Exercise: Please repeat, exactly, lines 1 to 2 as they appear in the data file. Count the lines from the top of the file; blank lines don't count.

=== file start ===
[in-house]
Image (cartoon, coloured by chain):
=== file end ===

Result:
[in-house]
Image (cartoon, coloured by chain):